Trees of Beeston #5 Springtime – For the love of hedges and “weeds”.

“ Spring is here … and they can’t stop you enjoying it. This is a satisfying reflection. How many a time have I stood watching the toads mating, or a pair of hares having a boxing match in the young corn, and thought of all the important persons who would stop me enjoying this if they could. But luckily they can’t. So long as you are not actually ill, hungry, frightened or immured in a prison or a holiday camp, Spring is still Spring. The atom bombs are piling up in the factories, the police are prowling through the cities, the lies are streaming from the loudspeakers, but the earth is still going round the sun, and neither the dictators nor the bureaucrats, deeply as they disapprove of the process, are able to prevent it

George Orwell (1946) Some Thoughts On The Common Toad.

Beeston blossoms (Cherry Plum)

Spring. The utter joy of it. Wandering Beeston, there are signs of its hopeful presence everywhere. All you need to do is slow down or stop and get your senses tuned in: look for the first buds, listen for increased birdsong, smell the first blossoms, watch nature return to our gardens and parks, the street trees, in the cracks in the pavement and the near smiles on folks faces when the sky happens to be blue and the sun is out. It is such a glorious season, full of the promise of new life and possibilities.


Along the railway tracks, the Wild Cherry and Hawthorn have begun to blossom, and the Apple, Elder, and Silver Birches have begun to bud. These route-ways offer shelter, sustenance, and respite for diverse animal life that migrate along them including the humans who wend their daily commute, looking out of carriage windows beyond a phone or computer screen.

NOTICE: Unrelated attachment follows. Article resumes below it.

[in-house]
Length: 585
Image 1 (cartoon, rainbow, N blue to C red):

This Trees Of Beeston piece is a broader reflection on how our ‘green corridors’: the plants in our locality, synergise, connect, and facilitate Spring to, well, spring. It considers how we might, with a little planning, tune into the seasons, tweak our garden maintenance patterns to ensure spring keeps returning, and to value those ‘out of place’ plants that assist Beeston’s flourishing biodiversity.


A huge number of hedgerows have been ‘lost’ across the country in recent years, especially in the back gardens of urban settlements. Recent social media coverage of netted hedges and trees to stop birds nesting and examples of extreme ‘pruning’ is surely a sign of the meanest of human spirits. So this column reminds readers of what to do when rapid growth of vegetation in trees and bushes can make them ‘look’ untidy, and when humans, venturing back out into their gardens wish to ‘tidy things up’ ready for summer socialising and BBQing


So what to do? Advice from the RSPB (Royal Society for the Protection of Birds) regarding hedgelaw is that between March and August there should be no cutting as this is the prime time period in which birds are making their nests, rearing their young and when their young are fledging. The RSPB website states:


“It is a criminal offence under Section 1 of the Wildlife and Countryside Act of 1981 to intentionally take, damage, or destroy the nest of any wild bird while it is in use or being build, or to intentionally kill, injure or take chicks or adults, or intentionally take or destroy any eggs.  It is an intentional act, for example, if you or your neighbour know there is an active nest in the hedge and still cut the hedge, damaging or destroying the nest or contents in the process”


The RSPB recommend if you know someone is cutting a hedge during this period to:

“… speak to them and politely mention the risk to the birds’ nests, and the laws protecting nests.  If they proceed, and you know there is an active nest at risk, contact the police on 101, and ask for a reference number.  If you are unsure what to do, contact RSPB Wildlife Enquiries on 01767 693690.”


When it comes to dealing jointly with neighbours regarding a boundary hedge or trees, the RSPB advises: